September 10, 2015

Former Associate Pastor Pleads Guilty in Scheme to Defraud Investors

FORT SMITH, AR—Kenneth Elser, Acting United States Attorney for the Western District of Arkansas, announced that Thomas Edward James, age 34, of Phoenix, Arizona, formerly of Fort Smith, pleaded guilty today to one count of Mail Fraud and one count of Making a False Tax Return . The Honorable Chief Judge P.K. Holmes, III, accepted the plea in the United States District Court in Fort Smith.

According to court records, the defendant, Thomas Edward James, was a part-time associate pastor at St. James Missionary Baptist Church in Fort Smith, Arkansas. He was previously employed as a broker for Merrill Lynch, but was terminated for lack of production. His broker license went inactive on September 3, 2010. James was not registered with the Arkansas Securities Department as a broker, dealer, agent, or in any other capacity since he was terminated from Merrill Lynch. After his termination from Merrill Lynch, James continued to sell securities to investors and misappropriated the investors’ funds. As part of his scheme, James approached potential investors, a majority of whom were retired and members of St. James Missionary Baptist Church, with proposals to make investments through him. James then fraudulently induced investors to invest funds through false representations that their funds would be invested in a U.S. Treasury Bond, which were insured and guaranteed by the full faith and credit of the United States Government. James however did not invest the funds in a U.S. Treasury Bond, but instead converted the funds to his personal use. It was further part of the scheme that James sent statements to investors via U.S. Mail providing investors with false assurances that their funds had been invested in U.S. Treasury Bonds. As a result of the scheme to defraud, James defrauded investors of approximately $200,000. During a deposition, James admitted that the funds were never invested in a U.S. Treasury Bond, but were placed in his personal account. Additionally, James admitted that he filed false tax returns from 2008-2012, and that he owed the United States additional taxes in the amount of $205,566.46.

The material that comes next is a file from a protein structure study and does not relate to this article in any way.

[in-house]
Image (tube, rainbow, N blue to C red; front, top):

This case was investigated by The Internal Revenue Service (IRS), the Federal Bureau of Investigation (FBI) and Financial Crimes Task Force officers from the Fort Smith and Fayetteville Police Departments. Assistant United States Attorney Mark Webb prosecuted the case for the United States.